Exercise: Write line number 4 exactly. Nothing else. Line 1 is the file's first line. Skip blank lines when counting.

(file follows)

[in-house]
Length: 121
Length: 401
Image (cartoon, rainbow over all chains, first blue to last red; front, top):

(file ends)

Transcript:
Image (cartoon, rainbow over all chains, first blue to last red; front, top):